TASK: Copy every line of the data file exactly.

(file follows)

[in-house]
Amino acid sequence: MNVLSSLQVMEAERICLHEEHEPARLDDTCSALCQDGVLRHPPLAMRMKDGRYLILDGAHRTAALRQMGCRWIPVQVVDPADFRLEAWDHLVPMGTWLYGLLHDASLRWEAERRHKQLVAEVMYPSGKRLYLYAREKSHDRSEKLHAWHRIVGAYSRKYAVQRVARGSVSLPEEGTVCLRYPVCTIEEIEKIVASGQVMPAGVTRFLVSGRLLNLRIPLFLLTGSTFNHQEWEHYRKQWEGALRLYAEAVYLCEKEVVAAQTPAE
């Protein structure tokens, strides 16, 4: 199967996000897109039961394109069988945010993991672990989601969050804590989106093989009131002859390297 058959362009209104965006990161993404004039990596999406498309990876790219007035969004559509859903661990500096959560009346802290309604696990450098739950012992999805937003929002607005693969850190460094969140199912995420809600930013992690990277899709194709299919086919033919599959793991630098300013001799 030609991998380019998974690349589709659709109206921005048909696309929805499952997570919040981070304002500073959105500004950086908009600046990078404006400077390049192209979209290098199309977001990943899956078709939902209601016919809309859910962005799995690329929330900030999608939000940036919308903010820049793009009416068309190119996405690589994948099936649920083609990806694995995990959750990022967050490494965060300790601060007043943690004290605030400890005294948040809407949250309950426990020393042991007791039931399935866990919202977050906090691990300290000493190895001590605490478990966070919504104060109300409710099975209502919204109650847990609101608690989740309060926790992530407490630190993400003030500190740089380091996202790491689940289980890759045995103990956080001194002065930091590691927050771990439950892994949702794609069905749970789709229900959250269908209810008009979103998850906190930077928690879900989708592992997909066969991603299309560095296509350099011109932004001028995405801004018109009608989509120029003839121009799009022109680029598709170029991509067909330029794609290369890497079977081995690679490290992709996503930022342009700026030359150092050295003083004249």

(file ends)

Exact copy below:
[in-house]
Amino acid sequence: MNVLSSLQVMEAERICLHEEHEPARLDDTCSALCQDGVLRHPPLAMRMKDGRYLILDGAHRTAALRQMGCRWIPVQVVDPADFRLEAWDHLVPMGTWLYGLLHDASLRWEAERRHKQLVAEVMYPSGKRLYLYAREKSHDRSEKLHAWHRIVGAYSRKYAVQRVARGSVSLPEEGTVCLRYPVCTIEEIEKIVASGQVMPAGVTRFLVSGRLLNLRIPLFLLTGSTFNHQEWEHYRKQWEGALRLYAEAVYLCEKEVVAAQTPAE
């Protein structure tokens, strides 16, 4: 199967996000897109039961394109069988945010993991672990989601969050804590989106093989009131002859390297 058959362009209104965006990161993404004039990596999406498309990876790219007035969004559509859903661990500096959560009346802290309604696990450098739950012992999805937003929002607005693969850190460094969140199912995420809600930013992690990277899709194709299919086919033919599959793991630098300013001799 030609991998380019998974690349589709659709109206921005048909696309929805499952997570919040981070304002500073959105500004950086908009600046990078404006400077390049192209979209290098199309977001990943899956078709939902209601016919809309859910962005799995690329929330900030999608939000940036919308903010820049793009009416068309190119996405690589994948099936649920083609990806694995995990959750990022967050490494965060300790601060007043943690004290605030400890005294948040809407949250309950426990020393042991007791039931399935866990919202977050906090691990300290000493190895001590605490478990966070919504104060109300409710099975209502919204109650847990609101608690989740309060926790992530407490630190993400003030500190740089380091996202790491689940289980890759045995103990956080001194002065930091590691927050771990439950892994949702794609069905749970789709229900959250269908209810008009979103998850906190930077928690879900989708592992997909066969991603299309560095296509350099011109932004001028995405801004018109009608989509120029003839121009799009022109680029598709170029991509067909330029794609290369890497079977081995690679490290992709996503930022342009700026030359150092050295003083004249």